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Driver's Licenses for DREAMers in Arizona

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FOR IMMEDIATE RELEASE
July 7, 2014

CONTACT
Adela de la Torre, 213-400-7822, delatorre@nilc.org
Patricia Flynn, ACLU national, 212-519-7835, 917-442-4024, media@aclu.org
Larry Gonzalez, MALDEF, 202 466-0879, lgonzalez@rabengroup.com
Steve Kilar, ACLU of Arizona, 602-492-8540, skilar@acluaz.org

Federal Appeals Court Rules Arizona Must Offer Driver's Licenses to DREAMers

DREAMers celebrate panel’s conclusion that young immigrants are being harmed by Gov. Brewer’s license ban
 

PHOENIX – Arizona Gov. Jan Brewer was wrong to bar some young immigrants from receiving driver’s licenses, a panel of federal judges ruled today. The U.S. Court of Appeals for the Ninth Circuit ordered the Arizona Motor Vehicle Division to end its policy of denying licenses to young immigrants who came to the U.S. as children. This group of young people—who have permission from the federal government to live and work in the U.S.—are seriously harmed by their inability to get drivers’ licenses, the court said.

The court ruled that Arizona’s license denial policy is likely unconstitutional because it improperly discriminates against some young immigrants. This is the latest legal step in a civil rights coalition’s lawsuit against the discriminatory policy, which prevented Arizona youth granted work authorization through the Deferred Action for Childhood Arrivals (DACA) program from applying for state-issued identification.

The news was welcomed by plaintiffs in the lawsuit, including Carla Chavarria, a member of the Arizona Dream Act Coalition, who said, “Today’s decision will remove a tremendous burden that I—along with thousands of other Arizonans—face on a daily basis. By allowing us to apply for the licenses we need to drive to school and work, we’ll finally be able to contribute more fully to the communities we love.”

Karen Tumlin, managing attorney of the National Immigration Law Center, said, “Today’s decision finally recognizes that Arizona’s immigrant youth are no different from anyone else authorized to live and work in the country, and to treat them differently is simply wrong. Our plaintiffs have fought long and hard to be recognized by the state they love, and we are thrilled to see that the courts have ordered the removal of one major barrier from allowing these young people to more fully contribute to their families, community, and economy.”

“This is a huge victory for the young immigrants who want nothing more than to make meaningful contributions to communities in their home state of Arizona,” said Alessandra Soler, executive director of the ACLU of Arizona. “Gov. Brewer chose to play politics with the hopes and dreams of these young people by denying them licenses and we’re extremely happy the court saw through this and found there was no rational reason to single them out.”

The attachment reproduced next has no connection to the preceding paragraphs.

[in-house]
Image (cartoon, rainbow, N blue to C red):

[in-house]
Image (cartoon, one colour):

The National Immigration Law Center, the American Civil Liberties Union, the Mexican American Legal and Educational Fund and the ACLU of Arizona challenged Gov. Brewer’s executive order and related policies in court, alleging the ban violates DREAMers’ constitutional right to equal protection of the laws.

Today, in granting a preliminary injunction, the Ninth Circuit agreed that DREAMers suffered “irreparable harm” because of Gov. Brewer’s policy, particularly because the denial of a driver’s license limits employment opportunities. The court also found that plaintiffs may be successful in establishing that Gov. Brewer’s arbitrary ban improperly infringes on the federal government’s exclusive immigration authority by inhibiting plaintiffs’ ability to work as authorized.

“The Court’s ruling confirms that Arizona’s discrimination against these hardworking young immigrants violates our Constitution. These DREAMers are Americans in their hearts and minds, and it’s time for Gov. Brewer to start treating them that way,” said Jennifer Chang Newell, senior staff attorney with the ACLU Immigrants’ Rights Project.

In September 2013, in an effort to get out from under the lawsuit, Gov. Brewer expanded the drivers’ license ban to other groups of immigrants—including crime victims, domestic violence survivors and their children. Brewer’s administration apparently hoped that expanding the ban to other “deferred action” categories of immigrants would make the ban on DREAMers constitutional by imposing the state’s discriminatory policy on other, similar groups of non-citizens. However, as the Plaintiffs have argued in court, targeting additional groups of immigrants in order to continue the state’s discrimination against DREAMers is equally unconstitutional.

“Today, the federal courts had to step in to prevent Arizona from discriminating against the DACA recipients that it should be embracing,” said Victor Viramontes, MALDEF National Senior Counsel, who argued the case in the Ninth Circuit. “After yet another loss in court, Arizona should stop its senseless battle against immigrants.”

A copy of the order is available at www.nilc.org/document.html?id=1112.

More information about the lawsuit challenging the policy in Arizona denying driver’s licenses to DREAMers is available at www.nilc.org/driverlicenselitigation.html.

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